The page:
In this evening's news, we heard of a man who was illegally hunting allegators when a 12-ft gator climed into the guy's boat and bit his forearm off. Immediately I remembered the song about Amos Moses. In the song, the boy's daddy used him for allegator bait when he was just a boy, and folk blamed his daddy for making him mean as a snake. They said he could wrestle the biggest, meanest allegator and only use one hand. That's all he had left, 'cause an allegator bit his left arm off clean up to the elbow! In reality, it wasn't legal to hunt allegators when that song came out in 1970, and it still isn't legal. I'd say it served this recent guy right.
It has been a long battle. In May, my CPAP told me, "Motor Life has Exceeded Hours," or something like that, and that I should contact my supplier to get it replaced. What it was saying is that its motor was not designed to have run for nine years. It should have been replaced after 5 years. Who knew? Well, the supplier (Apria) knew it should have been replaced after five years, but they didn't tell me, and certainly didn't offer to replace it in 2016! So anyway, I called Apria to see about getting it replaced. They said they could not do it, because they didn't have a prescription on file for me. They had no prescription on file? And yet they continued to send me supplies every three months? Yeah, right! They asked me who my Primary Care Physician was, and I told them. They said they would try to get him to send the prescription to them.
I called again in June. They said my PCP didn't have the prescription, and they asked me where I had the sleep study done, so I told them.
I called again in July. They said that Lincare might have the prescription, so I called Lincare. They said they could not release the information to Apria. I called Apria again and was told that Lincare could release the information to me, and that I could then deliver it to Apria. I accused them of being lazy, insisting that I do their job for them by running around to fetch and deliver!
I called Apria's corporate headquarters and told them what had been going on, and suddenly I was getting almost daily calls from Apria in Asheville. Today, three months later, I got a call from Apria. The problem has resolved itself, and they will be sending me a new CPAP.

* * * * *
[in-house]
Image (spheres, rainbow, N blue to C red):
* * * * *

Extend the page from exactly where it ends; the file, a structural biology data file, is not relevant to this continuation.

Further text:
I did yesterday's laundry today, which took up the morning and through lunchtime. I got it done without incident, of course.
This afternoon, Becky and I did our Starbucks/Parkway venture, again, and the only thing we noticed that might be considered newsworthy was a car parked on the Parkway about seven feet from a NO Parking Anytime! sign.
Today, we drove up to Suzanne's for lunch and Mah Jongg. She had a yen for some of her award-winning Guacamole, but had no avocados from which to make it. Becky had a pot of Maple Bourbon Beans and we needed someone to help us eat them so that we wouldn't overload our systems with Toot-Fruit. We stopped at the store and bought a Guacamole Kit and some other necessities, like a crustless cheesecake, then spent the afternoon at the table, stuffing our bellies and playing a two hands of Mah Jongg. I won the first hand, and Becky won the second. Then we had to stop when the pain set in. Suzanne, though mostly healed from her latest "alien berthing", still cannot sit at the table for very long.
Tonight, Mother Milly officiated Compline, and it was as prescribed in our Book of Common Prayer, and was slow and restful.